19. Modeling of sediment flux at short, middle and long time scale in alpine torrents

    NASA Astrophysics Data System (ADS)

    Mazotti, Benoît.; Jaboyedoff, Michel; Loye, Alexandre; Bardou, Eric

    2010-05-01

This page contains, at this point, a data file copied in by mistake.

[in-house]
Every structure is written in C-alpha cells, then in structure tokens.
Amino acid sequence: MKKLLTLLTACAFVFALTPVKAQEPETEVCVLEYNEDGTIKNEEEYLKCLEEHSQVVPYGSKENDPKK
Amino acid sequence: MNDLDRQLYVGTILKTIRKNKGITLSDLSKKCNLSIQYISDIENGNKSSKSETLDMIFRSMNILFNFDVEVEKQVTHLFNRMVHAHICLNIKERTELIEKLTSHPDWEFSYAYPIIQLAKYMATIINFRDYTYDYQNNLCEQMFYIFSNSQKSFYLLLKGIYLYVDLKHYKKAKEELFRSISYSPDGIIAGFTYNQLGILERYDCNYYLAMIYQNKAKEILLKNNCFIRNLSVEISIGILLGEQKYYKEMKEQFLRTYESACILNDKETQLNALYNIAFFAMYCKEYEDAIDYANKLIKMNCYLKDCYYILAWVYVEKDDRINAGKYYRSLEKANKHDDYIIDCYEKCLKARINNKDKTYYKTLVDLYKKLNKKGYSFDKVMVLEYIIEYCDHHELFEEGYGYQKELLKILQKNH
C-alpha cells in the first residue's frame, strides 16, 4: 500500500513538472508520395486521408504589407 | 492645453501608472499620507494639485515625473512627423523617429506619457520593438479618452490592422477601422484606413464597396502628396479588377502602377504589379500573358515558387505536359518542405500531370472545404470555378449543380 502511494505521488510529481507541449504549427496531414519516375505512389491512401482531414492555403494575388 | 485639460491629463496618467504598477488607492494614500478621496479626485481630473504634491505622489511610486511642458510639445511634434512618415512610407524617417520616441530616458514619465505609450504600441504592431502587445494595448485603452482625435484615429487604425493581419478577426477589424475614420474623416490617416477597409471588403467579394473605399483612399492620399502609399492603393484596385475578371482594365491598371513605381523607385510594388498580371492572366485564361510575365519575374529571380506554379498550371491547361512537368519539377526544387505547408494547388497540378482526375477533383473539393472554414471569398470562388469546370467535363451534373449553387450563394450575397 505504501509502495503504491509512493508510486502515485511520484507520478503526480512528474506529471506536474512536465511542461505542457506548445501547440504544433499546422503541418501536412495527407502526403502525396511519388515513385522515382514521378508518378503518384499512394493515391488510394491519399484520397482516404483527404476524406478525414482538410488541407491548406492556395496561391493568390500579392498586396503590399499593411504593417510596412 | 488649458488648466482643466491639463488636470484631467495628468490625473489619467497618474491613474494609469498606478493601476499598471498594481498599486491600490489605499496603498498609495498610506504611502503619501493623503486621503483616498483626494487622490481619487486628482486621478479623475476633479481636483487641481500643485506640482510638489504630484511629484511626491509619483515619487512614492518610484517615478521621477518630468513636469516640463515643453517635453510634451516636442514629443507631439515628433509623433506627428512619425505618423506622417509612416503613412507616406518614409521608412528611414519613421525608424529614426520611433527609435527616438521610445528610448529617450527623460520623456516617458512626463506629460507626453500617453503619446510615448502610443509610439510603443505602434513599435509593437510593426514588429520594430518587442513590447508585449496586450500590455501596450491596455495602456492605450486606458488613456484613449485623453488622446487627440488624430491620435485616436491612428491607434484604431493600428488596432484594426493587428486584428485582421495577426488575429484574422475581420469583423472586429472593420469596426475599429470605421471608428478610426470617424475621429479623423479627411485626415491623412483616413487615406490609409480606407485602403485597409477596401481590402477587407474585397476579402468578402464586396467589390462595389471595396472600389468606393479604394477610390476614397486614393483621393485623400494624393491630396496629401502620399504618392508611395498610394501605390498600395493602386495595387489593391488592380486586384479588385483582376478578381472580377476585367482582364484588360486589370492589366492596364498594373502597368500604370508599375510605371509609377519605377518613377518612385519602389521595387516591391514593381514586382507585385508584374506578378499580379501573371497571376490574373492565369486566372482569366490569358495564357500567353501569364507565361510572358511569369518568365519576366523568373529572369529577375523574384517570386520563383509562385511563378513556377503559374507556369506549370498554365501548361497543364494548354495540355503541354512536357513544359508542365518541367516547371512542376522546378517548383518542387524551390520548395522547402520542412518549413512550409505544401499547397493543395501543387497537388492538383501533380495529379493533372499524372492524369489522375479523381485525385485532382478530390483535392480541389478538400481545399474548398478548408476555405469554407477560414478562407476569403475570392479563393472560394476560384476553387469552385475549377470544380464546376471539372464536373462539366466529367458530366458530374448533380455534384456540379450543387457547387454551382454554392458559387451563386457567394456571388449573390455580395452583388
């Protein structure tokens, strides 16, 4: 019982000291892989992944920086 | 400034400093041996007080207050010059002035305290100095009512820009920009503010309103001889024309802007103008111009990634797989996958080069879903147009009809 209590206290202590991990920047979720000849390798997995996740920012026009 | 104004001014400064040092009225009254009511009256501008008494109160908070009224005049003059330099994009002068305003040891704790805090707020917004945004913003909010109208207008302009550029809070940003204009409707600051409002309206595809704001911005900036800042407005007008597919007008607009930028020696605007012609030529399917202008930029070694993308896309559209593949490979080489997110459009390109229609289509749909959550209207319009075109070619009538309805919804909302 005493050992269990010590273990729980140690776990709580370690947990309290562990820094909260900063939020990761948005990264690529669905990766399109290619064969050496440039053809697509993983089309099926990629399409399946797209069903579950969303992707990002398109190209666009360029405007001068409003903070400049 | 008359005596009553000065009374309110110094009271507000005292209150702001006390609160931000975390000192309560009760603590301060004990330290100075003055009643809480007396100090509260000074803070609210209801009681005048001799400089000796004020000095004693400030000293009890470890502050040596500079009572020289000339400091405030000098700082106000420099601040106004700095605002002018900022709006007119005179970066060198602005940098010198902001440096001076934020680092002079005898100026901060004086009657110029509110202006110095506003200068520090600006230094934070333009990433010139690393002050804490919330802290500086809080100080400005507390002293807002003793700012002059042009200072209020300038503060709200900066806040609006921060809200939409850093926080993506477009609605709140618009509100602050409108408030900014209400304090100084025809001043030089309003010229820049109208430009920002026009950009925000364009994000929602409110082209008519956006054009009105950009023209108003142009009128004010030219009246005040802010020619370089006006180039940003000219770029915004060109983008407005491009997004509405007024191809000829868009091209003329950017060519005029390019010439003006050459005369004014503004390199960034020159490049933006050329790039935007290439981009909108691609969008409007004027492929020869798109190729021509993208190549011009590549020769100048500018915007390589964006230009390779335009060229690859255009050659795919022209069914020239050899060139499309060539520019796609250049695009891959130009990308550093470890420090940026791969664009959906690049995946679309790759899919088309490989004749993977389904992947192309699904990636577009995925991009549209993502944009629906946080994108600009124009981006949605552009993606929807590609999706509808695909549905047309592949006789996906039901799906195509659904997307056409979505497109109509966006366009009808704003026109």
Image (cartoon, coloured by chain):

Sediments management has become an important issue in the alpine regions since all deposits of material must be removed from sediment traps to keep their efficiency. However, this is not sustainable to evacuate those deposits over long distances. The goals of this work is to quantify the sediment supply of alpine torrents and active gullies in order to make suatinable management over the long term. From a case study situated in the region of Zinal, Valais, Switzerland, we will try to give general recommendation. Several approaches are tested to create a model able to estimate the sediment budget at short, middle and long time scale. After a general analysis of the catchment rendering a geomorphological map (process and location), a quantitative assessment of sediment production is performed. Besides, a qualitative representation of sediment transport processes is created that enable the modelling of sediment cascade. Several new methods are tested combining field work and remote sensing data (DEM, Lidar acquisition and aerial photos). The torrent activity (maximum erosion volume) is estimated with the Slope Local Base Level (SLBL) constrained with field observations (e.g. presence of outcrop). Downstream and cross-sectional topographic profiles along the streams enable to determine their overall dynamics. The model is then composed of homogeneous sections of the torrent. Erosion rates are defined according to the activity observed on time series of aerial photos, historical data, etc. The climate forcing is also considered for assessing torrential dynamics in the prospective sediment balances. The preliminary conclusion is that 6 sets of information implemented in the model enable estimating the quantity of sediments transport by the torrents ((1) the geomorphologic map, (2) the division of the torrent in homogeneous sections, (3) the longitudinal profile of the torrent, (4) the calculation of the maximum volume mobilized by the torrent (with the SLBL), (5) the